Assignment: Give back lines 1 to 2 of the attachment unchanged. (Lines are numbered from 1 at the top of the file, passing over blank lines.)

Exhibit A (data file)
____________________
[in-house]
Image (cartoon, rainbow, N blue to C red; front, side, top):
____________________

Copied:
[in-house]
Image (cartoon, rainbow, N blue to C red; front, side, top):